Sometimes I catch a glimpse of the future. Whether is just a scene from a chapter I have yet to write, or the ending line, or just a few lines of dialogue. That’s magic. That’s power. I know something that no one else knows, and it’s entirely up to me to bring it to life. Continue reading
One of my favorite opening lines goes like this, “All that I write was once real life.”
It’s from Max Blecher’s last novel, The Shinning Burrow.
How do you turn real life into art? Into stories? How do you write about all the things you’d never have the courage to say out loud?
Don’t you love it when your mind imprisons a certain image? You have a certain vision, you know exactly where you want to go and what you have to do. An image that has to be set free.
This is one of the most crucial aspects of good art: vision. And heart. I’m not sure you can have one without the other. Continue reading
Maybe you’re familiar with Franz Kafka’s short story, A Hunger Artist, maybe you’re not. It doesn’t really matter. One of the main themes of the story (the way I see it) is the fact that artists most often feel misunderstood by their audience. And they’re furious because of that.
That’s a myth.
Most often than not it’s the artist’s inability to show people what he wants to show them that gets in the way. Continue reading
“Life breaks us all and afterward many are strong at the broken places.” – Ernest Hemingway
You know what they say… what doesn’t kill you makes you stronger. But I suppose that what doesn’t kill you simply makes you wish it did. And then, if you somehow find enough inner strength to go on, builds you up.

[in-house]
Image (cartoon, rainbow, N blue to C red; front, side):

The things is, all that matters is the power that resides within us. It’s the power to be in control, to handle everything life throws at you.
But remember: what you give power to has power over you.
So don’t give up your power, don’t let the world break you. Fight on, no matter what. And, besides, strength is just the ability to keep moving forward long after you thought you couldn’t go on.
Let me tell you a bit about this sport called boxing. It’s tough and rough, no doubt about it. But the most difficult and painful parts are not the ones you see on TV. No, the fights themselves are just the parts that people get to see. The real fighting, the struggle, take place off-screen. The time spent practicing, hours and hours of physical training, shadow boxing, sparring. That’s the tough part. A few minutes in a ring with another fighter don’t even come close to what happens during a training. Continue reading
In an essay about Kafka, David Foster Wallace wrote the following words, “the horrific struggle to establish a human self results in a self whose humanity is inseparable from that horrific struggle. […] our endless and impossible journey toward home is in fact our home.”
Now, he was talking about Kafka’s works, but I think that phrase pretty much sums up what life is all about. Continue reading